This comports with a 2021 Gallup poll that finds membership in houses of worship sinking for the first time to a minority of Americans — though, interestingly, they see that decline among older as well as younger people. (The younger cohort still tends more strongly toward “no religious affiliation,” though.)
Now, as Burge himself has noted, this doesn’t mean religion is going away — in fact, while “it’s true that mainline Protestantism and liberal Catholicism are in an absolute free fall right now,” Burge says, “…devout, conservative religions are doing well by comparison and actually might be growing over time.”
But it’s an open question as to with whom those conservative religions — the megachurched and the holy rollers — are going to replenish themselves as more young people grow up unchurched and without affection for the bigotries that seem essential to that kind of religion.
Here we may see belief, as in political, affecting belief as in spiritual. As Burge also points out, on issues like gay rights, where not only liberals but also moderates and even some conservatives have shifted to tolerance, evangelicals remain strongly anti. Given that trend, how likely are even religiously-inclined young people to want to associate with such churches?
But there’s a possible answer in what constitutes a church’s — or a sect’s — concept of Christianity. As we’ve been hearing, a growing number of churches are going full Christian nationalist. From Vice:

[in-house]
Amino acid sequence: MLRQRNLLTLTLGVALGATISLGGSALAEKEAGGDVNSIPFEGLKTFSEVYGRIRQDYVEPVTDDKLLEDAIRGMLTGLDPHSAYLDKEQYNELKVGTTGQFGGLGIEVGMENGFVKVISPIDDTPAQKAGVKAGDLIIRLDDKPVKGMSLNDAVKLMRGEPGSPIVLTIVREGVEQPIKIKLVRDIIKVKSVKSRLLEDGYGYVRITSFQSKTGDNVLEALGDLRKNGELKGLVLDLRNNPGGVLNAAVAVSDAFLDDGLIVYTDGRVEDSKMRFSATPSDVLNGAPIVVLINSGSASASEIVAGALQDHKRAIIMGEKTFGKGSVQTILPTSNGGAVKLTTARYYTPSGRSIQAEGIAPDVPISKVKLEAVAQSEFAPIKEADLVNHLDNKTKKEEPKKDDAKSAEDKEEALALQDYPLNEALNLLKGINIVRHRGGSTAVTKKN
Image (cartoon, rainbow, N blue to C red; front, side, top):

Pastor Ron Tucker took the stage one weekend in early July at Grace Church in the St. Louis suburb of Maryland Heights to deliver a sermon on Romans.
In the first 15 minutes, Tucker railed about antifa, Black Lives Matter, critical race theory, feminism, gun laws, abortion, protesters disrupting Supreme Court Justice Brett Kavanaugh’s dinner at a D.C. steakhouse, and promoted the baseless claim that the Capitol riot was a hoax…
But according to some of his congregants, it’s a stark departure from his old preaching style.
“It’s honestly weird because it never used to be like that,” said Emily Lynch, 33, whose family joined Grace Church when she was 5 years old. “I can remember the sermons growing up, and they never spoke about politics. It was a quote-unquote ‘feel-good’ church.”
And as I have covered here, the religious assemblies that gathered in Washington before January 6, 2021 had a heavy rightwing, Trump, even insurrectionist vibe. (One such rally I missed was led by Sean Feucht, who I learn has raised millions singing the praises of the former president.)
It seems to be the coming thing in Christianity, the 20s equivalent of folk masses: MAGA worship. Why wouldn’t it be? After all, these days it seems the people most likely to identify themselves as Christians tend to be Republicans as well the most vicious, hateful, un-Christian sons of bitches you’d ever want to meet. Sorry, Commonweal Catholics and social justice protestants, but you know those guys have a higher profile than you — and, as we have seen, they don’t seem to acknowledge you as Christians at all, probably because your help-the-poor protect-the-weak thing has so little to do with what they think church is about.
Since conservative Christianity has so little to do with the actual Christ, why wouldn’t they just swap in Trump or whatever neo-Nazi replaces him in the shitheels’ affections? They’d still have all the things they like about church, like the prosperity gospel — heck, isn’t Trump like a prosperity preacher, a rich guy who lives the high life off the fleece of his flock? Plus their services and media ancillaries serve as an alternate culture to which they can cleave instead of the mainstream variant the heathens like — really, who needs Ben Shapiro’s family entertainment when you’ve got the New 700 Club for anti-woke entertainment? And, best of all, for the elect: Tax breaks!
This will be the new church. Such as believe will go for it; such as do not may seek out what will in that environment seem to be “alternative” churches, but many will just do what they’re doing in the current environment, which closely resembles it, and pass it all by.